European banks are behind a pull-back in cross-border finance
Slowdown in financial globalization probably cyclical
Globalization's glory days aren't over.
That's the main message of an early-release chapter from the Bank for International Settlements' annual report, and it's the first item in this week's economic research roundup. We've also outlined studies about the statistical case against right-to-carry gun laws, how U.S. investors are taking higher interest rates, and how the Fed's balance-sheet runoff will affect its remittances to the Treasury Department. Check this column each Tuesday for up-to-date economic thinking from around the globe.
Peak financial globalization? BIS says no.
BIS, the Basel-based central bankers' bank, isn't ready to call an end to financial globalization. Data on cross-border banking suggest that a pullback started during the global financial crisis in 2007-2009 and has set in since: cross-border claims reported by banks in more than 40 jurisdictions declined from a peak of 60 percent of global GDP in 2007 to less than 40 percent since 2013. BIS argues that those figures give a false signal, since a regional quirk is driving what looks like an aggregate trend.
"Banks headquartered in Europe accounted for more than all of the global decline – that is, these banks’ foreign claims declined by more than $9 trillion," while those of U.S. banks and banks from other advanced countries and emerging market economies grew, according to the bank's annual report. Given the European banks' circumstances, the shrinkage is better interpreted as cyclical de-leveraging than as a structural trend away from globalization, they write.
Understanding Globalisation (Box VI.B)
Published June 18, 2017
Available on the BIS website
Looking at gun control through statistics
States that adopted right-to-carry gun laws saw a marked increase in violent crime, according to a new analysis. The finding is important: there's a school of thought, grounded in research from the 1990s, contending that wide-spread gun ownership deters criminals from committing crimes.
The new paper finds that right-to-carry laws led to increases in violent crime of 13 to 15 percent after 10 years. To arrive at that conclusion, the authors look at 33 states that adopted right-to-carry laws between 1981 and 2007 using a methodology that compares actual crime patterns with the likely path of crime had the law not been adopted.
Property crime and murder also increased, though those results were not large enough to be statistically significant. While it may seem odd that murder didn't move in tandem with violent crime, the authors explain that they had less precise data on how the laws impacted murders, which are fewer and further between. States that adopted right-to-carry laws also added more police in subsequent years, and that extra crime-stopping force might have had an outsized effect on preventing murders.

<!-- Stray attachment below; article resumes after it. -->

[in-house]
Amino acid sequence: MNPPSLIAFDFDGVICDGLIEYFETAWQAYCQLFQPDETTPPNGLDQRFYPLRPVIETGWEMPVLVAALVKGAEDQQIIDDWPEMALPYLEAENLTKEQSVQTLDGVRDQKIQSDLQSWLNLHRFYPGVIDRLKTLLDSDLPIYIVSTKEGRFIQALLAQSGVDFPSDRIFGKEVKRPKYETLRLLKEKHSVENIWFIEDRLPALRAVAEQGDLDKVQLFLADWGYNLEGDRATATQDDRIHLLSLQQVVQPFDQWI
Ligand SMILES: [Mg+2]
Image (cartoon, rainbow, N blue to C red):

The finding "constitutes persuasive evidence that any beneficial effects from gun carrying are likely substantially outweighed by the increases in violent crime that these laws stimulate," write Stanford Law School's John Donohue and Abhay Aneja and Columbia University Department of Economic's Kyle Weber.
Right-to-Carry Laws and Violent Crime
Published June 2017
Available on the NBER website
American investors aren't sweating higher rates
U.S. investors with more than $10,000 in investable assets haven't been affected by rising interest rates, according to a recent survey. More than seven in 10 investors say the impact is nonexistent or neutral, and the remainder are split pretty evenly between seeing a positive and a negative effect.
Most investors said they would not make any changes to their stock market holdings if interest rates continue to rise this year, though close to a quarter said they'd transfer money out of equities. The results come from the Wells Fargo/Gallup Investor and Retirement Optimism Index, and interviews were conducted between May 4 -7, before the Fed voted to raise interest rates last week.
US Investors Taking Higher Interest Rates in Stride
Published June 16, 2017
Available on the Gallup website
Big questions for the Fed
Federal Reserve policy makers gave markets a detailed blueprint for how they'll reduce their $4.5 trillion balance sheet in an addendum to their policy decision issued last week. They've provided a handy Q&A to clear up any questions we might still have.
It mainly reiterates what careful Fed-watchers already knew — that the Fed isn't planning outright sales, that the process will be gradual, and that it will start once rate hikes are "well underway" — and the explainer provides some useful illustrative charts that show just how slowly Fed holdings will shrink. It also discusses how balance sheet runoff might affect remittances to the Treasury. For background: the Fed earns interest on its holdings and pays all of its excess earnings back to the government, so it's big balance sheet has translated into large payments into Treasury coffers.
Payouts, which totaled $92 billion last year, should remain "robust for the next couple of years,'' according to the post, but "will most likely decline from their current elevated level, as a moderation in interest income and a rise in interest expense dampen Federal Reserve net income."
Policy Normalization Q&As
Published June 2017
Available on the Fed website